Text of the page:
I can handle the contracts issue through my agent. I don't write any more anyway. The State of Oregon will be able to deliver healthcare just fine without my contribution. Some aspects of my economic life will probably wind up being shifted into a trust soon.

But what I hate, hate, hate, is being constrained from making what contributions I still can, for fear of running afoul of the fraud management rules behind SSDI and LTD. Because of the overwhelming institutional fear of granting unearned benefits, I am denied a last, few constructive roles in life.

This doesn't seem right.

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(no subject) - (Anonymous)
Jay Lake
User: jaylake
Date: 2013-09-07 16:41 (UTC)
Subject: (no subject)
Except in my case, I'm not defrauding.

My private LTD policy was an employer sponsored benefit for which I paid the premiums out of my own pocket post tax. Its entire purpose was to provide partial income replacement should I become disabled working that job. Assuming the policy is actuarially sound (which isn't my problem either way), the premiums I paid fully offset the cost of the benefit I am now claiming.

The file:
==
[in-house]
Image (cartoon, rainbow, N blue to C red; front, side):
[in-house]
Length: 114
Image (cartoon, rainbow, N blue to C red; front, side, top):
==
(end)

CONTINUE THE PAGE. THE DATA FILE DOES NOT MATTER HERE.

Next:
However, if I receive any other disability income (such as SSDI), my LTD carrier deducts value of those payments from my benefit.

This is exactly the same as if I paid for a $20,000 life insurance policy and a $10,000 life insurance policy, but the carrier for the $20,000 only paid me $10,000 because I had the other policy also in place. How is this not flatly stealing from me? (Well, I know how, because this is how disability law is written. But it's written to flatly steal from people in my position.)

Furthermore, the LTD benefit is tax-free to me because of the way my premiums are structured. The SSDI benefit is taxable. I have just replaced a goodly portion of the LTD benefit with my SSDI benefit, and that dollar-for-dollar replacement is now subject to tax. Again, I flatly lose. Why?

Finally, the LTD benefit is specifically built around my statutory employment, designed to replace that income, again in a presumably actuarially sound manner. How is it relevant that I might have other income such as royalties from writing reprints, given I paid premiums for partial replacement of that specific income stream, into a policy designed for that purpose?

A similar set of issues pertains to the SSDI award itself, including the question of whether royalty income from work performed prior to the date disability is considered offsetting income. One portion of the SSA rules says this is not, another portion says it is. They are flatly contradictory on the letter of the rule. What the heck am I supposed to do with this? Any fraud examiner looking at my case could choose either interpretation as it pleased them. I'm pretty sure SSA would always choose the interpretation that allowed them a clawback.

I'm not defrauding anyone. I'm in a complex situation where even asking the questions could trigger a fraud audit, costing me a great deal of time and money to defend myself. It's very, very frustrating.